When people ask me if I’m religious, I tend to answer, “More religious than the average Colby student”. This is because I have a tough time defining just how religious I am without the use of relativity. I went to a Catholic elementary school, junior high, and high school. This means that other than wearing a uniform from kindergarten to 12th grade, I attended mass, went to confession and learned about religion in school for 16 years. Because Colby is a very liberal college, the average student is not very religious, or at least outwardly so. However, in high school I knew many students who were a part of the Campus Ministry program or attended weekly mass with their families in addition to the services we were required to go to at school. Therefore, I define how religious I am based on my perceived surroundings.
Religion is often seen as in direct opposition to science. However, I was always taught that science and religion go hand-in-hand. For example, in the evolution versus creationism debate, I was taught that evolution occurred, and is scientifically proven so, and that this process was guided by the hand of God as a part of his plan, painting science and religion as collaborators, not competitors. After a student in class presented on the potential benefits of religiosity to mental health, I decided to look into the possibility of a relationship between neuroscience and religion.
In a study conducted with devout Mormons as its participants, Ferguson and colleagues (2016) used fMRI scans to find a neural origin for religious or spiritual euphoria. While in the scanner, 19 participants were asked to activate their religious experiences using prayer, scripture reading and quotes from Latter-day Saints authorities. During this process participants were repeatedly asked if they were “feeling the spirit” in order to correlate high spiritual feelings with physiological responses recorded. Additionally, participants could press a button anytime he or she felt overcome with the spirit when not explicitly asked. Results indicated a correlation between brain regions associated with the reward pathway and brain regions activated during this spiritual experience. Specifically, the nucleus accumbens was significantly activated before peak spiritual feelings, suggesting a connection between this brain region and religious experience (Ferguson et al., 2016).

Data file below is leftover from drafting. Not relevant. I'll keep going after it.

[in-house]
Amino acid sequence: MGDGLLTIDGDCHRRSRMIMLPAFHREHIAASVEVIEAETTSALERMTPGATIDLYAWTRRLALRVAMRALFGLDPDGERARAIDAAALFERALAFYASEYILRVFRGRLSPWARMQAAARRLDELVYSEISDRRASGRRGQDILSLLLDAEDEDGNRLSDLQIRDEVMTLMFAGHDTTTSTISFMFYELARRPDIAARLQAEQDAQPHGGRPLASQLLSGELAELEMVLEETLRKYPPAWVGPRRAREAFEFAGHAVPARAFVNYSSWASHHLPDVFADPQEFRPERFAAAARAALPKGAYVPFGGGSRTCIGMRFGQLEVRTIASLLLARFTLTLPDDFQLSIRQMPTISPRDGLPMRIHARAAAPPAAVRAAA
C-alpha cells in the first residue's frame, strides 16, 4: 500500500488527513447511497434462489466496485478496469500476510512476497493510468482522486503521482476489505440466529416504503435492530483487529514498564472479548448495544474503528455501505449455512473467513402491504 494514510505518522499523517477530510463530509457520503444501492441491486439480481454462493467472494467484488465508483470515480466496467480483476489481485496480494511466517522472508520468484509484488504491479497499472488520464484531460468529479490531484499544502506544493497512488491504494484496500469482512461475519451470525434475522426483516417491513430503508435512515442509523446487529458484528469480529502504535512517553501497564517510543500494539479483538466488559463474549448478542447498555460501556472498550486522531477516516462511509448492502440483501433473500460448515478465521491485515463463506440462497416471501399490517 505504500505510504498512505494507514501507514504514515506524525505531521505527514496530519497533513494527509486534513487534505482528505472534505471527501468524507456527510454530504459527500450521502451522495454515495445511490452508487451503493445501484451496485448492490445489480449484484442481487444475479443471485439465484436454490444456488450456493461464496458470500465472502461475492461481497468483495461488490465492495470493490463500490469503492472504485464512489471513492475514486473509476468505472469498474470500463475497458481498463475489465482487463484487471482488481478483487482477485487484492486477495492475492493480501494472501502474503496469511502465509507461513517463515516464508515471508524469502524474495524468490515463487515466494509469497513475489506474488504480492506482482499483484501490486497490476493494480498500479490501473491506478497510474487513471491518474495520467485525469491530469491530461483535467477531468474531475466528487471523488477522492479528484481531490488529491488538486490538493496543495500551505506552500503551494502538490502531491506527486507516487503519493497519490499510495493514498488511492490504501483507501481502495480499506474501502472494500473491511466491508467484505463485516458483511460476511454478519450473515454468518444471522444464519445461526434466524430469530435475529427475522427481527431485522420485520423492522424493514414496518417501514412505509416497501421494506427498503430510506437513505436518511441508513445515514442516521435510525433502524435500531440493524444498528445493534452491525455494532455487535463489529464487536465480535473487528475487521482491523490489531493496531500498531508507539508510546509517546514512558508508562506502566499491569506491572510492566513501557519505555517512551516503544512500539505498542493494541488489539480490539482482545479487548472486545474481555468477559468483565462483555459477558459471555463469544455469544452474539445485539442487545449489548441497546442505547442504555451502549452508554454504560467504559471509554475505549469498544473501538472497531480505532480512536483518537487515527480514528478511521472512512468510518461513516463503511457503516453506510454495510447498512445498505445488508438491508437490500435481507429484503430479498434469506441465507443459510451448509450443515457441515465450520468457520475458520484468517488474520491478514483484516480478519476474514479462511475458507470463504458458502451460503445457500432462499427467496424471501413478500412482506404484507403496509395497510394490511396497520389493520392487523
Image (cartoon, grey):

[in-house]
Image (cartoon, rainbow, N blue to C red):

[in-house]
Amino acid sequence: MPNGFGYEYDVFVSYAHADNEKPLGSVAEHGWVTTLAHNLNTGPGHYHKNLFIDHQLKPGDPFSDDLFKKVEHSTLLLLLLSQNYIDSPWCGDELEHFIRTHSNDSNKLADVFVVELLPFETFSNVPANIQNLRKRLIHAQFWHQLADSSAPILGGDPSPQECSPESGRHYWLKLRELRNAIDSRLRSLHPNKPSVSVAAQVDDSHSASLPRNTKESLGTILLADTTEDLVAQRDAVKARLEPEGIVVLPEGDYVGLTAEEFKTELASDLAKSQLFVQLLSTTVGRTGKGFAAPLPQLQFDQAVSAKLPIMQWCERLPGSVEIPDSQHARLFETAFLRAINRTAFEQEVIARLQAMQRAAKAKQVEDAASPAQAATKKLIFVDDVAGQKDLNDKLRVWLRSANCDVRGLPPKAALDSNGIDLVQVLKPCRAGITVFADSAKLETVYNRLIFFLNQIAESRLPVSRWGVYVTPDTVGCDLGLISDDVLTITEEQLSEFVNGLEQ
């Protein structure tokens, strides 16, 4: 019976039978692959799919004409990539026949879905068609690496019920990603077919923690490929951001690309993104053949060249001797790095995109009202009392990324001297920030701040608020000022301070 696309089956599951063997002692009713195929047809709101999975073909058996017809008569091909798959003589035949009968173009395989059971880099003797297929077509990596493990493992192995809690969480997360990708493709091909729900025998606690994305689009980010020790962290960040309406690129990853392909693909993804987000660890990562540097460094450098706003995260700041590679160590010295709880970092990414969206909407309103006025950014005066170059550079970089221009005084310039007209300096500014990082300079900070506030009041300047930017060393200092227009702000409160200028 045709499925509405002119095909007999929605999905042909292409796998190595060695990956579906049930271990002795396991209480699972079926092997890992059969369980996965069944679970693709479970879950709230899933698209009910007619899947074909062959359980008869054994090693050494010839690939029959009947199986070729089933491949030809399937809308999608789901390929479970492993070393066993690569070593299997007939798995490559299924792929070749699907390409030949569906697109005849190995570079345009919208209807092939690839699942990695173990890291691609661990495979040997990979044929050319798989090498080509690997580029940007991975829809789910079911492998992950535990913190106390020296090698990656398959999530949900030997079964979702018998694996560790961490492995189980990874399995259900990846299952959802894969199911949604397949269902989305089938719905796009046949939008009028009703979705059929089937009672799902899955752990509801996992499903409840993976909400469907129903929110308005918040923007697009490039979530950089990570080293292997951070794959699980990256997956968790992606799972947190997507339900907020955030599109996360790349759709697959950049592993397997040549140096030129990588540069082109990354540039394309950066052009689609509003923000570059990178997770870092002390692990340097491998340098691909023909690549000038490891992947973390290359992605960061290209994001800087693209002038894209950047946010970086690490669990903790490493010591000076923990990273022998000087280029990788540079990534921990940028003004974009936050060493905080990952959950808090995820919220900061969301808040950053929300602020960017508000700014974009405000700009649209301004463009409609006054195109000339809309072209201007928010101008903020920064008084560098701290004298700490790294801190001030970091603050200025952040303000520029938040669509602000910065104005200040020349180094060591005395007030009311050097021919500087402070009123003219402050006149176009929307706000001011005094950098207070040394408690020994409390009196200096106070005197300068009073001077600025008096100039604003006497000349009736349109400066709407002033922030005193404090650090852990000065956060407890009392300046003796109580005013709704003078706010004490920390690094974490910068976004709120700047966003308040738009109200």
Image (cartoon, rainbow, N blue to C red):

This figure shows the brain regions typically associated with feelings of reward or pleasure (A) juxtaposed with regions activated by viewing quotations (B,D) and reading scripture (C). Left and right nucleus accumbens activity before and after moments of strong spiritual feeling is also shown (E).
Another set of researchers point to religion’s role in “motivated meaning-making” as a potential source of the mental health benefits of religiosity (Inzlicht, Tullett, & Good, 2011). In this review, they highlight a different brain area as the “religious center”—the anterior cingulate cortex (ACC). This region is involved in higher-level cognitive function, including the distinct role of error detection and conflict monitoring. The present review looked specifically at error-related negativity (ERN). An ERN is a negative spike in brain activity as measured by electroencephalography (EEG) that occurs when an error is made. Low ERN suggests less negative, anxious feelings when an error occurs. The researchers assert that their data provides evidence that religious conviction predicts lower error-related ACC activity thus suggesting an anxiolytic effect of religion on those who subscribe to it.
These studies certainly have their flaws with a small sample size (Ferguson et al., 2016) and no direct evidence of causality (Inzlicht et al., 2011); however, it is still interesting in that it they are able to find correlations between religious experience and the brain. Religion is a significant part of a large portion of the world’s population, with 84 percent reporting a religious affiliation of some sort. This makes studies such as Ferguson et al.’s and Inzlicht et al.’s relevant and important to a vast majority of people.
Ferguson, M. A., Nielsen, J. A., King, J. B., Dai, L., Giangrasso, D. M., Holman, R., … & Anderson, J. S. (2016). Reward, salience, and attentional networks are activated by religious experience in devout Mormons. Social Neuroscience, 1-13.
Inzlicht, M., Tullett, A. M., & Good, M. (2011). The need to believe: A neuroscience account of religion as a motivated process. Religion, brain & behavior, 1(3), 192-212.